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20 Responses to Choosing Your Child's First Gun

Chris wrote:
July 18, 2014

Mine was a T/C Contender pistol with a 10'.22LR barrel. Still have it. Still shoot it. And still love it!

chuck wrote:
July 18, 2014

22 Mossberg, target rifle

Jonathan wrote:
January 26, 2013

My first gun, Mossberg 385T Bolt action 20 gauge. Saved up the money when I was young and my dad and I were in the firearms section and that is when I saw it. Harvested my first deer with and I still hunt with it for pheasants.

Reed Shick wrote:
January 26, 2013

I started my daughter with a Charles Daily youth 20. As a semi auto I thought the kick would be light but it was still uncomforable. I picked up a case of managed recoil Remington shells and that did the trick. After this second case she transitioned to regular 20 guage shells and did great ever since.

Glenn wrote:
January 24, 2013

Purchased my 8 year old son a Crickett .22 single shot bolt action. It was hard to find but I insisted on a wood stock and blued barrel. I want him to readily distinguish it from his toy guns.

Jef Zvara wrote:
January 23, 2013

I have 2 boys, oldest is 5 planning on starting with .22. After looking long and hard a many .22's I am ready to purchase a Henry Mini-Bolt. It's a bolt action single shot .22, has no magazine for extra rounds. Synthetic stock and all stainless. It's a bit expensive but I really like all the features. Anyone have any feedback about it

Dale wrote:
November 28, 2012

Started witha Daisy lever action BB gun. Used Dad's .22's until I bought a Ruger 10/22. Bought a used bolt action .20ga Mossberg and then a Winchester pre 64 30-30. A single shot .22 or one that can be loaded singlely is the best teacher.

Eric wrote:
November 26, 2012

I just picked up a Rossi MP youth combo gun for my 6 yr old. It's a single shot, break action and comes with the .22 cal barrel and the .410 barrel. I think after rebates and a $20 discount it ended up costing me $89.99. THAT is the way to go! Plenty of gun to learn and improve on their marksmanship with and not too much of a whack to scare them out of interest. Once I see he's good enough with it he'll be able to hit the woods with me during youth weekend and I can't WAIT for the day he drops his first deer!! Just my $0.02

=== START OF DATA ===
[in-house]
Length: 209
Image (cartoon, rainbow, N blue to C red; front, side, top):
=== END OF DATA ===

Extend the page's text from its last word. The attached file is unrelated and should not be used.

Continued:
NRA Outdoors wrote:
November 26, 2012

Great article Doug!Our kids all started with .22 and iron sights and then graduate from there as their safety and shooting skills increase. We shared on our page as well.

Idadho wrote:
November 25, 2012

My dad started us all out with a Sheridan Pump pellet gun in 5 mm. It was heavy enough for us to learn proper handling as we followed him deer hunting in the California Sierra's at 6 years old. Then, 22 bolt actions like Remingtons. Our first shot guns were Topper/Harrington and Richardson single shots. We practiced quick reloads so we could take a second shot. We also carried a rifled slug when hunting deer with buck shot in congested softwoods in New Hampshire bear country. NRA hunter safety with a single shot is good training. I started my kids with 22 Remingtons. My favorite now is a Savage over-under multi-caliber/gauge. I would have loved a 22 or 22wmr over 410 or 20 gauge. The Savage models are a bit hard to find but well worth the effort. Cut the stock so you can add it back in 2 increments. The barrel extra weight makes the grip stronger and the recoil less. Great guns and accurate as can be. Save the new gun for their second gun.

Jim62 wrote:
November 22, 2012